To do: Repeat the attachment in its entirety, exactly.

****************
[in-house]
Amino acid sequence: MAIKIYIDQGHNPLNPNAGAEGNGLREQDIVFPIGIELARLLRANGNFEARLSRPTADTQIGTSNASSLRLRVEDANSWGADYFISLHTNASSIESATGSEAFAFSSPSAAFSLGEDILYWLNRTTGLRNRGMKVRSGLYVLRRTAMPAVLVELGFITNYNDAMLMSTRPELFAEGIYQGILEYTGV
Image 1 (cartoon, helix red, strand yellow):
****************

[in-house]
Amino acid sequence: MAIKIYIDQGHNPLNPNAGAEGNGLREQDIVFPIGIELARLLRANGNFEARLSRPTADTQIGTSNASSLRLRVEDANSWGADYFISLHTNASSIESATGSEAFAFSSPSAAFSLGEDILYWLNRTTGLRNRGMKVRSGLYVLRRTAMPAVLVELGFITNYNDAMLMSTRPELFAEGIYQGILEYTGV
Image 1 (cartoon, helix red, strand yellow):